Monday, May 1, 2017

Who's the Guilty One Now?

I've just got to get caught up on posting my essays! There's a backlog of them five miles high!

Just a final thought before sleep. Back when I taught adjunct, students were constantly complaining about the Romans, making moral judgements about this past civilization. "They had slavery!" "They conquered other nations!" "They did this! They did that!" I could hear the moral superiority in their voices.

What would the Romans say about us? If they could speak to us, they would condemn us as bloodthirsty monsters. "Are you guys insane? What's the matter with you? You killed around 170 million people due to war and massacre in the 20th Century!! You built bombs to destroy entire cities! Why would you do that? You must be insane! You in the USA, even our slaves had rights by the first century CE! We gave them a path to freedom and even citizenship! We didn't oppress them and force them to live apart from us! What the hell is wrong with you? Some of our emperors were of African descent! Even our gladiators were freaking volunteers! We had healthcare for everyone at temples of Asclepius, at military hospitals for veterans, even a sliding scale for private physicians! We fed the poor! You starve and mistreat the lower classes! Wherever we went, we built roads and supplied clean drinking water to cities. You let your infrastructure rot! You let citizens drink poisoned water! Damned barbarians! And you have the effrontery to claim us as your cultural ancestors!!"

So don't be so proud of our morality. Just the numbers alone show we don't have any. We make the Romans look like saints by comparison. The Romans would spit on us for our kill-crazy behavior.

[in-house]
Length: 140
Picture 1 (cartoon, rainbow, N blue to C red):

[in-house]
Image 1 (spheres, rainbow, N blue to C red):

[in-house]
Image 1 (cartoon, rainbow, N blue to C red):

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Monday, April 17, 2017

Mystification 01

What would timeless beings look like to us? We are time-bound, our thoughts, our perceptions, even our biology seemingly linked to the arrow of time. But timelessness might be a real thing and transfinite beings might be all around us. We would see them through our time-bound eyes. They would age, they would die. Except they wouldn't. It would be a trick played on us because we are embedded in spacetime, we are linked to the sensation of time. We would be incapable of seeing the timeless as timeless.

What's more, time is variable. Our sense of it is affected by the physical properties of matter. Gravity can distort time because it distorts spacetime and time is fundamentally linked to space. What people don't realize about this weirdness, it's been proven. Einstein's theory of general relativity has passed every last test put to it. From distortions in astronomical observations due to the curvature of spacetime to the slower decay of atoms when accelerated to a percentage of the speed of light, general relativity has passed the test. It's real.

It's also essentially timeless, since time is bound up with spacetime and highly malleable. Time does not exist as a separate dimension or quantity. Yet we are time-bound.

Where does time come from? Or our sense of it. Quantum entanglement, that spooky action at a distance predicted, and once again, proved to exist. Time, or our experience of it, is an emergent phenomenon...